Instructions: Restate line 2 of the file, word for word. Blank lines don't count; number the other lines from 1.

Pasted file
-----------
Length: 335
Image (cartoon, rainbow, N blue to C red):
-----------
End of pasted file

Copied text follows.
Image (cartoon, rainbow, N blue to C red):